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FWIW, to me, an all or nothing approach seems most logical. If not, someone would probably eventually find a reason to want >1 MB in lossy files, then we’d be back here again. It seems like it would be more work to maintain different limits for the two encoding modes, which doesn’t seem worthwhile.

Of course, I don’t speak for David or his desires for his codec. But given that he already threw out Frank’s unforgiving limit of 8 kB, there’s no specified upper ceiling for the size of embedded chunks, so it seems like less work just to leave it open, and let users do what they want at their own risk, than it would be to decide upon a new limit.
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greynol
post Apr 5 2013, 17:58
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It isn't like the source is closed.


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bryant
post Apr 6 2013, 01:05
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QUOTE (db1989 @ Apr 4 2013, 16:37) *
I don’t mean that you shouldn’t have the ability, but where do requests like this end? Someone might want larger images and/or a different format, and thus want 3 MB, someone else 4… If anything, it seems that it would make more sense to remove the limit altogether than to raise it to another arbitrary threshold on the basis of one particular user and some of their files. This seems fair if a hard limit to size is not known and could be done with a disclaimer that users are responsible for any potential weird behaviour introduced by especially large embedded chunks of data.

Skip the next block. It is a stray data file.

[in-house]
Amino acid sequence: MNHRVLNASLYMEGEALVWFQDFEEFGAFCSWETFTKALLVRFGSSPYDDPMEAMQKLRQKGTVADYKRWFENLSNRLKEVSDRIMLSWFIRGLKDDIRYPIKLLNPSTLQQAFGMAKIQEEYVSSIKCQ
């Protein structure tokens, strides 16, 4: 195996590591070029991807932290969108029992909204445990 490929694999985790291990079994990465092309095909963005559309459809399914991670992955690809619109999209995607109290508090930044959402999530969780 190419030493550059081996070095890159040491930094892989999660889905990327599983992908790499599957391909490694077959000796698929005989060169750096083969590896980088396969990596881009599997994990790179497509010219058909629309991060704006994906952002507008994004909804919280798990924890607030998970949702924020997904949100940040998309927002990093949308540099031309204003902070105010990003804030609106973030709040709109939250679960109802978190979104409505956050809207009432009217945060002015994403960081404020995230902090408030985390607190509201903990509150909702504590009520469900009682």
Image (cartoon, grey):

This makes sense. I'll attempt to read any tag I find. For writing, I'll add an option "--allow-huge-tags" that will raise the limit to some absurd size (like 16 MB) that disavows me of all responsibility.

Thanks, guys! smile.gif

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Mr_Rabid_Teddybe...
post Apr 6 2013, 13:42
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QUOTE (bryant @ Apr 5 2013, 17:05) *
This makes sense. I'll attempt to read any tag I find. For writing, I'll add an option "--allow-huge-tags" that will raise the limit to some absurd size (like 16 MB) that disavows me of all responsibility.


Why not only use a long-option something more like "--allow-absurdly-huge-tags-solely-on-your-own-responsibility-so-there" ....